Finding life on the river
By Carol / July 13, 2012 /
Ever since I returned from a week in Mexico last winter, a week when I ventured out on the water daily in a sea kayak, I’ve wanted to try kayaking here in Iowa. My interest peaked again earlier this year when I researched and wrote about Iowa’s water trails for The Iowan magazine. I even spent an hour looking at kayaks and talking with a sales person about the relative merits of various models. But things kept getting in the way.
My energy is focused on the novel I’m writing. There’s a garden to plant and harvest. Books to read for work and pleasure. Meetings to attend. Complicating my professed desire was the fact that I had no equipment – no kayak, no paddle, no personal flotation device. I talked a good story, but never got it done.
Fortunately, a paddling friend made it so easy I could not say no. She had an extra kayak and all the equipment I’d need. She came to pick me up after she got off work. We could put in and take out only a couple of miles from my house. Even easier since my husband would be our shuttle.
As soon as we were on the water, I remembered why I liked paddling so much. Bald eagles soared along tree tops. Great blue herons stood sentinel at the water’s edge. Swallows swooped to catch insects before returning to their nests lined up like tenements in the river banks. I was surrounded by nature. I was eye level with the wilderness of Iowa.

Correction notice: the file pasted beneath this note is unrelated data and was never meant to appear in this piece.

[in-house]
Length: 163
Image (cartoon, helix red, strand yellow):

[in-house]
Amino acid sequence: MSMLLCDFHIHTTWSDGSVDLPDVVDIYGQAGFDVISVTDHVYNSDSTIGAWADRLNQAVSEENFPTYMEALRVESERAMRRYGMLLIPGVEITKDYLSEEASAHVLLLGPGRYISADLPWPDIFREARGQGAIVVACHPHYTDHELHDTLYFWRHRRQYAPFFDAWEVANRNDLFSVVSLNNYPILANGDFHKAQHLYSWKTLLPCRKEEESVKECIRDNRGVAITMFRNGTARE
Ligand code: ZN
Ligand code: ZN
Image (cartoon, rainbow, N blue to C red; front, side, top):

We ‘noodled’ along, as Robin calls it, paddling a stroke or two or simply letting the current carry us. Robin explained the merits of various types of kayaks and pointed out the dangers of snags. We shared stories of water adventures – her work with the River Rascals, a program she helped create to get inner city children out on the water – and my Outward Bound canoe expedition in the Boundary Waters. We stopped on a sand bar to stretch our legs, look at wildlife foot prints, admire the whorls created by water currents over the sand, and talk about life.
It took about two hours to noodle our way down the four-mile stretch. During that time, I didn’t think about the pressing deadline of my novel, or the produce running amok in the garden, or the books stack of manuscripts I must read before next week. I simply enjoyed the solitude of the river, the peace of nature, the company of a friend.
It’s so easy to let life get in the way of living. Now, I can’t believe I waited so long to get out on the water again.